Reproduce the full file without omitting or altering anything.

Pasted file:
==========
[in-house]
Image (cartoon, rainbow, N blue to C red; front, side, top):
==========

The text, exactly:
[in-house]
Image (cartoon, rainbow, N blue to C red; front, side, top):